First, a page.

Metabolic dysregulation is integral to the development and pathogenesis of many age-related diseases, including type 2 diabetes and obesity. Several mitochondrially encoded peptides have previously been shown to be secreted from cells and to act as regulatory signals for metabolic homeostasis, including MOTS-c, SHLP2, and humanin. Novel modified analogs of a newly identified mitochondrially encoded peptide, CB5064, have been synthesized and evaluated for plasma stability, activity in a broad screen of G protein-coupled receptor (GPCR) target engagement, and for potential biological activity in diet-induced obese (DIO) mice. In vitro evaluation demonstrated that CB5064 analogs interact with and activate the apelin receptor (APJ/AGTRL1/APLNR). The observed EC50 values of several novel CB5064 analogs at the apelin receptor were in the low µM range, in some cases achieving maximum responses similar to the natural substrate, Apelin-13. In DIO mice, once daily administration of the same series of CB5064 analogs demonstrated a range of effects on metabolic regulation, including significant reduction in body weight, selective fat mass loss, and improved glucose tolerance. The apelin receptor is widely expressed in tissues and appears to play a critical role in energy metabolism, cardiovascular function, fluid homeostasis, angiogenesis, and in diabetic complications. These mitochondria-based peptide analogs therefore represent an entirely new class of molecules with agonist activity at the apelin receptor and potential for use as a source of novel therapeutics for type 2 diabetes, cardiovascular disease, and other age-related disorders. Additional evaluation of the therapeutic potential of these peptides is ongoing.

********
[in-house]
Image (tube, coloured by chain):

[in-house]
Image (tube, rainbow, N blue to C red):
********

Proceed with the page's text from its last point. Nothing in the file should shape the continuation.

K. Grindstaff: Employee; Self; CohBar, Inc. E. Stenger: None. R. Shang: Other Relationship; Self; CohBar Inc. T. Yu: None. W.C. Luo: None. V.V. Kim: None. D. Perez-Tilve: Research Support; Self; CohBar, Inc., Novo Nordisk A/S. K.C. Cundy: Employee; Self; CohBar, Inc. Stock/Shareholder; Self; CohBar, Inc.

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